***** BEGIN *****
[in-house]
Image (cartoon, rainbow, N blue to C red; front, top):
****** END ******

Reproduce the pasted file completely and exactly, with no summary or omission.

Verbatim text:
[in-house]
Image (cartoon, rainbow, N blue to C red; front, top):